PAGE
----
Enraged. Outraged. Offended. Seething in anger.
We've all seen these negative-emotion descriptors in the headlines and copy of online media stories, as well as in newspapers and magazines of all sizes and subscription bases. Perhaps a year of quarantining has given us more time to read and notice how increasingly mad we have become as a nation, or maybe just additional time to become keyboard warriors ourselves and vent, with the emphasis on “war” as the root verb.
And it's not just on our laptops, desktops, phones and other devices. Many of us have trouble driving around town and keeping our inner peace when someone else doesn't move fast enough at a four-way stop or cuts us off in traffic. It reminds me of the late comedian George Carlin, who wryly quipped that anyone who drives slower than us is a moron, and those who drive faster than we do are idiots.
Of course, there are many other aspects of modern life that can make us angry — the jobs we have to take to make a living, those fellow employees or superiors in the workplace, relatives, politics, etc., the list could go on and on. However, there's a downside to continually being mad. Consider these health problems associated with anger, provided by the Better Health Channel website out of Australia:
“The constant flood of stress chemicals and associated metabolic changes that go with ongoing unmanaged anger can eventually cause harm to many different systems of the body. Some of the short- and long-term health problems that have been linked to unmanaged anger include: headache, digestion problems (including abdominal pain), insomnia, increased anxiety, depression, high blood pressure, skin problems (including eczema), heart attack and stroke.”
Perhaps high blood pressure should have been first on the list, since we can feel it go up as uncontrolled anger rears its ugly head.
Dr. Mark Rutland, who once spoke at the Moving the Mountains Youth Rally in Ellijay around three decades ago, trains business and ministry leaders and also operates a global ministry. He states in a current article titled "The Church in an Angry World" (charismamag.com), “We live in an angry culture. Some are angry at the Democrats or the Republicans or the COVID-19 virus. It seems as though America has become one huge incident of road rage just waiting to explode.”
Rutland noted of a businessman he counseled, “At first he 'had' the anger. After some time the anger had him.” How we come to have our wrath and rage issues may be complex, and I would certainly not want to step on the toes of any behaviorists or psychologists. However, there could be ways to address what was referred to as our “bile” in the Dark Ages without spending thousands of dollars in a clinic.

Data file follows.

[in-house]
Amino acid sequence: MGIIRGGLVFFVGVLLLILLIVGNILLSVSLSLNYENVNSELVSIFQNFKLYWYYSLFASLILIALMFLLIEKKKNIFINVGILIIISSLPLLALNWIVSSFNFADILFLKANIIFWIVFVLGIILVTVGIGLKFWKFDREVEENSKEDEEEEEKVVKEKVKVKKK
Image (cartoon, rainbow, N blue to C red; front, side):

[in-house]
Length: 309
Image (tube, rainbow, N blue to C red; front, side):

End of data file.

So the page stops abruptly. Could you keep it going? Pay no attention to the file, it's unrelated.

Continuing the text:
Amy Carmichael, a missionary whose work spanned two centuries and who served in India for 55 years without a furlough, once wrote she had a simple approach to issues that might cause anger. In her case, the fuse could be the rigid and pitiless caste system ruling the subcontinent, the prostituting of young girls to support priests in Hindu temple worship or deplorable working conditions in the slums. If she felt anger arising, she would pray simply, “Thy peace, Lord.” If an understanding spirit was needed in the face of obstinance or intransigence from the authorities, she would ask, “Thy sweetness, Lord.”
Perhaps we have an anger issue in our family line, or just feel like we've haven't gotten what we deserve in life and become easily offended. For whatever reason, anger is a controllable emotion.
Just a few days ago, we had family over to our Ellijay home on Christmas Eve. Some of the younger boys had never really played together. When Rocco (age 2-1/2) was told his youngest cousin's name was Nash (almost 2), he heard “Mash” — as in “mashed potatoes.” So he kept calling Nash “Potato.” Yet Nash did not become offended or yell at Rocco to call him by his real name. They just kept chasing each other down the hallway and laughing when they jumped up onto a bed.
Wow, thought I. A misunderstanding actually turned into something that mattered nothing to the kids, and made the adults in the room laugh, despite our attempts at correction. Several decades ago, I walked into an elementary school gym and saw these 10 two-letter words emblazoned on a wall: “If it is to be, it is up to me.” I get it. It was an attempt in a public, secular school to try and get kids to be responsible and accountable for their futures. But as adults, it's OK to drop the anger, the offense — and the pride — and say, “Lord, I need help with this.”
Enraged, outraged. C'mon, adults in the room, isn't it time we all acted of age?
Mark Millican is a former staff writer for the Daily Citizen-News.